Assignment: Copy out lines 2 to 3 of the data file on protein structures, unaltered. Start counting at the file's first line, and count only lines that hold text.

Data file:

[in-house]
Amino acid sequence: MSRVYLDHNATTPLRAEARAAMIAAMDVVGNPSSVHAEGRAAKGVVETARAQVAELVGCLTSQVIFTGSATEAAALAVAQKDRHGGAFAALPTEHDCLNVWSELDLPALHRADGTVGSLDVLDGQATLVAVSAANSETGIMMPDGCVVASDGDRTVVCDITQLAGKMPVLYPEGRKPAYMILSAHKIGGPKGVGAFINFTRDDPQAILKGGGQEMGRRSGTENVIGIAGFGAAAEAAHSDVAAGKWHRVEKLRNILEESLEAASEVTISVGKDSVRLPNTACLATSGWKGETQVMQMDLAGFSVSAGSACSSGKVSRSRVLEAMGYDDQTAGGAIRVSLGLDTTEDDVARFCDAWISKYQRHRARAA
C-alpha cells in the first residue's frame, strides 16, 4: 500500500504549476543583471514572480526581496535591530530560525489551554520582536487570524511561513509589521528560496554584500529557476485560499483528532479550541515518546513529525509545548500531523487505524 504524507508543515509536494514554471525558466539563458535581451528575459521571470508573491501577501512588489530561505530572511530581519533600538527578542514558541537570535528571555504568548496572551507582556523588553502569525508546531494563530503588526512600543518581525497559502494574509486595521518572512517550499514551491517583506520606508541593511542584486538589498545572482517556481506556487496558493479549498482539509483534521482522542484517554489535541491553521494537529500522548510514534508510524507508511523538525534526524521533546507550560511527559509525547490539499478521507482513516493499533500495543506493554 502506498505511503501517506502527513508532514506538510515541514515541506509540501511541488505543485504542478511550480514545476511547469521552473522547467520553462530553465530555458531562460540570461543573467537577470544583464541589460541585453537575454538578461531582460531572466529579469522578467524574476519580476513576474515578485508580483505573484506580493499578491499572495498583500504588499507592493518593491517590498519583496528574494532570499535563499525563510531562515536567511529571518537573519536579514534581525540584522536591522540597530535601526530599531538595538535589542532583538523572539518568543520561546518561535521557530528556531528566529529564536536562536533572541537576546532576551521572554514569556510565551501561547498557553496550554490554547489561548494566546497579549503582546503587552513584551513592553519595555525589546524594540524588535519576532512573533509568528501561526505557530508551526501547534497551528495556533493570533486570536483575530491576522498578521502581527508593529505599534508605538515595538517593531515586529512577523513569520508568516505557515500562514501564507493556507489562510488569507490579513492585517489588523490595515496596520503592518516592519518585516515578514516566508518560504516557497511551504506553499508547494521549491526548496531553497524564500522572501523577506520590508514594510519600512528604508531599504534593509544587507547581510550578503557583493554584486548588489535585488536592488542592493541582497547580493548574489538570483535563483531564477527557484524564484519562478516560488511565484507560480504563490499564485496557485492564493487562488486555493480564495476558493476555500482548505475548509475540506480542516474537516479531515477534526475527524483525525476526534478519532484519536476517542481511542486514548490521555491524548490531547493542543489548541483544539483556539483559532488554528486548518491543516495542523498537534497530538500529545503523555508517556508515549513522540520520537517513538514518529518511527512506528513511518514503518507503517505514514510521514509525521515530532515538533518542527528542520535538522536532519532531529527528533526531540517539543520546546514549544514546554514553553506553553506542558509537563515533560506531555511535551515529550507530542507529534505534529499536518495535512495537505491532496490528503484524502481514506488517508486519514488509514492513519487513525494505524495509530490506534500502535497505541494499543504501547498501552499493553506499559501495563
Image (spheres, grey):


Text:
Amino acid sequence: MSRVYLDHNATTPLRAEARAAMIAAMDVVGNPSSVHAEGRAAKGVVETARAQVAELVGCLTSQVIFTGSATEAAALAVAQKDRHGGAFAALPTEHDCLNVWSELDLPALHRADGTVGSLDVLDGQATLVAVSAANSETGIMMPDGCVVASDGDRTVVCDITQLAGKMPVLYPEGRKPAYMILSAHKIGGPKGVGAFINFTRDDPQAILKGGGQEMGRRSGTENVIGIAGFGAAAEAAHSDVAAGKWHRVEKLRNILEESLEAASEVTISVGKDSVRLPNTACLATSGWKGETQVMQMDLAGFSVSAGSACSSGKVSRSRVLEAMGYDDQTAGGAIRVSLGLDTTEDDVARFCDAWISKYQRHRARAA
C-alpha cells in the first residue's frame, strides 16, 4: 500500500504549476543583471514572480526581496535591530530560525489551554520582536487570524511561513509589521528560496554584500529557476485560499483528532479550541515518546513529525509545548500531523487505524 504524507508543515509536494514554471525558466539563458535581451528575459521571470508573491501577501512588489530561505530572511530581519533600538527578542514558541537570535528571555504568548496572551507582556523588553502569525508546531494563530503588526512600543518581525497559502494574509486595521518572512517550499514551491517583506520606508541593511542584486538589498545572482517556481506556487496558493479549498482539509483534521482522542484517554489535541491553521494537529500522548510514534508510524507508511523538525534526524521533546507550560511527559509525547490539499478521507482513516493499533500495543506493554 502506498505511503501517506502527513508532514506538510515541514515541506509540501511541488505543485504542478511550480514545476511547469521552473522547467520553462530553465530555458531562460540570461543573467537577470544583464541589460541585453537575454538578461531582460531572466529579469522578467524574476519580476513576474515578485508580483505573484506580493499578491499572495498583500504588499507592493518593491517590498519583496528574494532570499535563499525563510531562515536567511529571518537573519536579514534581525540584522536591522540597530535601526530599531538595538535589542532583538523572539518568543520561546518561535521557530528556531528566529529564536536562536533572541537576546532576551521572554514569556510565551501561547498557553496550554490554547489561548494566546497579549503582546503587552513584551513592553519595555525589546524594540524588535519576532512573533509568528501561526505557530508551526501547534497551528495556533493570533486570536483575530491576522498578521502581527508593529505599534508605538515595538517593531515586529512577523513569520508568516505557515500562514501564507493556507489562510488569507490579513492585517489588523490595515496596520503592518516592519518585516515578514516566508518560504516557497511551504506553499508547494521549491526548496531553497524564500522572501523577506520590508514594510519600512528604508531599504534593509544587507547581510550578503557583493554584486548588489535585488536592488542592493541582497547580493548574489538570483535563483531564477527557484524564484519562478516560488511565484507560480504563490499564485496557485492564493487562488486555493480564495476558493476555500482548505475548509475540506480542516474537516479531515477534526475527524483525525476526534478519532484519536476517542481511542486514548490521555491524548490531547493542543489548541483544539483556539483559532488554528486548518491543516495542523498537534497530538500529545503523555508517556508515549513522540520520537517513538514518529518511527512506528513511518514503518507503517505514514510521514509525521515530532515538533518542527528542520535538522536532519532531529527528533526531540517539543520546546514549544514546554514553553506553553506542558509537563515533560506531555511535551515529550507530542507529534505534529499536518495535512495537505491532496490528503484524502481514506488517508486519514488509514492513519487513525494505524495509530490506534500502535497505541494499543504501547498501552499493553506499559501495563